Now, you have a choice, you can let this sit overnight and allow the spices to "mingle" OR you can cook it immediately. If aging over night, wrap in plastic wrap and refrigerate. Allow the roast to come up to room temp prior to cooking the next day.

How you cook this cut is the most important part to getting a nice moist pulled pork. This cut of pork is loaded with internal fat. It is this fat that we want to "render" away. Scientifically speaking, the connective tissues and collagen will start to break down at temps of around 150-160 degrees F. This is exactly what we want to happen. The great secret to allowing this process to occur is to try and keep the meat temp between 150-170 degrees F. The longer you can hold those temps, the more this fat will render.

So, how do you achieve this? By cooking the meat at very low oven temps. We cook all of our pork butts at a temp of 225 degrees F. For you at home, I would set the oven at 250 degrees F and plan on taking 2 hours per pound. This will still assure you that the meat temps will stay in those ranges for a long time. In the end, we want the meat temp to reach and exceed 200 degrees F. This can be measured with a regular meat thermometer, just be sure you stick it into meat and not fat OR you can stick a fork into the butt and twist it; it should twist easily.

Cook the butt in a roasting pan with a rack to hold it above the fat that will render out. Half of this butt will cook away, so there will be lots of fat! You may have to empty your pan, so keep an eye on this.

Cook the butt UNCOVERED. The goal is to make that outside bark nice and crispy (without burning). The only way to do that is to expose the butt to the heat of the oven. If you were to cover the pan in any way, you will produce steam which will prevent the formation of a nice crispy bark.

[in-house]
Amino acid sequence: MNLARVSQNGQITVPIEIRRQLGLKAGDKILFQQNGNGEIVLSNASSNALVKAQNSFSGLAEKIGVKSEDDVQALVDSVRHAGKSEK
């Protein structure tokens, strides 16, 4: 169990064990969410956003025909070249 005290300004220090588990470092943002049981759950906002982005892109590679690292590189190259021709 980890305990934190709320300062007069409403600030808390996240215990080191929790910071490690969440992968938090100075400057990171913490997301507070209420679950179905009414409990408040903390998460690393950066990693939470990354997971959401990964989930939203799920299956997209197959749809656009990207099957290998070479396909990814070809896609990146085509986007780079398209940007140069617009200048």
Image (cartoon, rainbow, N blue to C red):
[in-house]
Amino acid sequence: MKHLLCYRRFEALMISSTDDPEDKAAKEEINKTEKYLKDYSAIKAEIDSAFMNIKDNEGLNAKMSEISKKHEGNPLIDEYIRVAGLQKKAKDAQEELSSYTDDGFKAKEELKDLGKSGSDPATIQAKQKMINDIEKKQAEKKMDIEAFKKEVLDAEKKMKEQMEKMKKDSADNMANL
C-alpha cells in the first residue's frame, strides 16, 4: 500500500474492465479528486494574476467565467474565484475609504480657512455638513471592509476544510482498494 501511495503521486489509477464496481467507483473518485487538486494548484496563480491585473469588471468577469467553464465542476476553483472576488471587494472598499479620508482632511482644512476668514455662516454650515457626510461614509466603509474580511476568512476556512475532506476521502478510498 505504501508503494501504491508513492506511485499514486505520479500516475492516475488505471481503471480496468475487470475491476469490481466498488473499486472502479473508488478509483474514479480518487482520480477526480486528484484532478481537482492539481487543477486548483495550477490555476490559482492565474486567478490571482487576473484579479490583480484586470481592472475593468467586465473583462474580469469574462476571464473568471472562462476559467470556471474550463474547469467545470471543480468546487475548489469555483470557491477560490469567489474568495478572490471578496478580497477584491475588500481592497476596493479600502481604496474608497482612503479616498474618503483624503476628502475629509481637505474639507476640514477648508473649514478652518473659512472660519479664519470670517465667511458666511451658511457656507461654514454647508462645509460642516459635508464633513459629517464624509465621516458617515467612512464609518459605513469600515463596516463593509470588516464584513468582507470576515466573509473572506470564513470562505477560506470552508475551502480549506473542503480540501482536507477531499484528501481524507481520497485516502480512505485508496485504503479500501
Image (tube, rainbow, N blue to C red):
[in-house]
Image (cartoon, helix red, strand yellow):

Let the butt cook for about 3 hours before looking at it. At this point, you can open the oven and "mop" the meat. Mopping is applying a liquid to the surface of the meat...this will help to keep it moist and add some flavor. I use a very simple mop of 3 parts apple juice or cider and 3 parts cider vinegar and 1 part of olive oil. This can be applied with a brush, a mop, or a spray bottle. You can now mop every couple hours or as often as you would like.

I believe the 2 hour per pound estimate will be accurate 90% of the time. However, one of 2 things will invariably happen when cooking a butt...it will finish early or it will finish late. What to do? To speed up the cook, take the butt out of the oven, turn the oven up to 300 degrees F. Wrap as tightly as possible in heavy duty foil and place back in the oven. It will still take some time to finish so plan accordingly. If it finishes early, remove from oven and turn oven off. Wrap as tightly as possible in heavy duty foil and return to the (unheated) oven. You can hold like this for several hours.

Once the butt is finished you can now "pull" the meat. Let it cool to the point where you can handle it. Then use your hands to pull strands of the meat. A pair of forks will also prove helpful when pulling the meat. There may still be pockets of fat, so remove these as you start pulling. Place this pulled meat into whatever serving vessel you plan on using. Be sure to mix in the nice darkened bark of the outside meat with the inside meat. This allows the flavor of that rub and mop to be distributed within the meat.

Now you can build your pulled pork sammiches


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post #13 of 15 (permalink) Old 09-29-2005, 07:29 AM Thread Starter
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Kevi's Smokin' on the Mountain BBQ Sauce
From the kitchen of Kevin Taylor, the BBQGuru

This is the one I use the most. It is sweet and has a nice smoky flavor to it.

1/2 cup ketchup
1/2 cup red wine vinegar
1/4 cup brown sugar
1/8 cup molasses
1/2 teaspoon Liquid Smoke
1/2 teaspoon salt
1/4 teaspoon pepper
1/4 teaspoon garlic powder
1/4 teaspoon onion powder

Combine all ingredients and bring to boil. Simmer 30 minutes or till desired thickness.


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post #14 of 15 (permalink) Old 09-29-2005, 10:25 PM
 
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There is one on my forum already..we have a whole "in the kitchen" section. I could use a little action over there..I really need to get my home page done..

http://www.stonefitness.net/forum/viewforum.php?f=4
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post #15 of 15 (permalink) Old 09-29-2005, 11:26 PM
 
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Maybe we should invite Marta Stewart to be a mod here... :1poke